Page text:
Friday, 17 February 2012

Big 6 Energy Companies May Face Fuel Bill Caps.

Another week, another attack on the pricing policies of the "Big 6" energy companies. The regulator Ofgem is considering imposing a cap on fuel bills for the first time in a decade after an unprecedented attack calling them, 'greedy', 'bad' and 'lazy'. 
I could attempt to detail all of the factors and the justifications related to the continuing price rises and subsequent profits, but I suspect you don't need me to. Just take a look at the graph below detailing energy company retail prices with the wholesale (NBP) prices.

You don't have to be a high flying market analysis to see their margins are rising.

We can see that commodity prices are rising. We all know that these prices are affected by consumer demand, currency fluctuations and market conditions. If raw materials rise in price and companies can't find more efficient ways of manufacturing or distributing the product the consumer will inevitably end up paying more for the product.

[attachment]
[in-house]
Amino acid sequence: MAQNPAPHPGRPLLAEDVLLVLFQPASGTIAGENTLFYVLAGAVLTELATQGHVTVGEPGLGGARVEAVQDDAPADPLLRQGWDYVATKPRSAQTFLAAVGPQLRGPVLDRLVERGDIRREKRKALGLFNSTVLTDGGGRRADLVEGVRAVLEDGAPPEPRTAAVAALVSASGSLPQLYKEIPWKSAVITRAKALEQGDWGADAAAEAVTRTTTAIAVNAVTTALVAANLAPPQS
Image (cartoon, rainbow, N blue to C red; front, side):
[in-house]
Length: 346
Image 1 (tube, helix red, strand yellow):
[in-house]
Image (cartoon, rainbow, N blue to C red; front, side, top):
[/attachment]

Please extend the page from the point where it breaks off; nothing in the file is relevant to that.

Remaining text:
That isn't what's happening with energy costs. When gas prices rise, the companies increase their customers bills, but when prices fall they don't reduce them. Or if they do, it's at a smaller rate. 
EDF operating profits rose by 8.5 per cent last year to almost £1.6billion. This is the equivalent of £427 for each of the 3.7m UK households to which the French-owned company supplies gas and electricity.

Where will it all end? Realistically there can't be a never ending rise in prices and related profits. The consumer must be getting to the point where they won't be able to heat their homes at the prices charged. The big 6 could kill the golden goose which is laying their profitable eggs stone dead. 

I'm realistic enough to accept that these companies need to make a profit. I'm unhappy that they are causing misery in so many families due to their blind pursuance of the biggest profit possible. What's the rush? Is the market and the consumer going to disappear?  

My suggestions? Cap prices based on wholesale costs. Simplify tariffs. Introduce competition between the energy companies.


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